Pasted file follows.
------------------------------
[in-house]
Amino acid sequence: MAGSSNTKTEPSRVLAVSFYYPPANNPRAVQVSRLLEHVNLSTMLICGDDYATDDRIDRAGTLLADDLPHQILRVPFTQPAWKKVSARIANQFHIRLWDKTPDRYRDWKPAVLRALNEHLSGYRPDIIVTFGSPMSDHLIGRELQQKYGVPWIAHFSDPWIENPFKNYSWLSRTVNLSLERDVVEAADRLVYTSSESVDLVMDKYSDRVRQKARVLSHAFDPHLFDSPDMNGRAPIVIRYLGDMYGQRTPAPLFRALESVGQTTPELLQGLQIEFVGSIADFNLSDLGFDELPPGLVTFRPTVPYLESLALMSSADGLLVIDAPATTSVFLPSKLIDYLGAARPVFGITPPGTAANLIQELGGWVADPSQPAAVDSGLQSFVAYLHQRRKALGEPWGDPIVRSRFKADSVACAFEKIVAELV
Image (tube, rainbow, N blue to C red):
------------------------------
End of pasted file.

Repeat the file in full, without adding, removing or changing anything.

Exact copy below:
[in-house]
Amino acid sequence: MAGSSNTKTEPSRVLAVSFYYPPANNPRAVQVSRLLEHVNLSTMLICGDDYATDDRIDRAGTLLADDLPHQILRVPFTQPAWKKVSARIANQFHIRLWDKTPDRYRDWKPAVLRALNEHLSGYRPDIIVTFGSPMSDHLIGRELQQKYGVPWIAHFSDPWIENPFKNYSWLSRTVNLSLERDVVEAADRLVYTSSESVDLVMDKYSDRVRQKARVLSHAFDPHLFDSPDMNGRAPIVIRYLGDMYGQRTPAPLFRALESVGQTTPELLQGLQIEFVGSIADFNLSDLGFDELPPGLVTFRPTVPYLESLALMSSADGLLVIDAPATTSVFLPSKLIDYLGAARPVFGITPPGTAANLIQELGGWVADPSQPAAVDSGLQSFVAYLHQRRKALGEPWGDPIVRSRFKADSVACAFEKIVAELV
Image (tube, rainbow, N blue to C red):